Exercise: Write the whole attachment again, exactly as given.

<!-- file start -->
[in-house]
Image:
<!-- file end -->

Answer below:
[in-house]
Image: